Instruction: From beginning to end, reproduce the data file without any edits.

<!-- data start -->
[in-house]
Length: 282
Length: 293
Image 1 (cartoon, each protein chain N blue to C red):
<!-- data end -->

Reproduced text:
[in-house]
Length: 282
Length: 293
Image 1 (cartoon, each protein chain N blue to C red):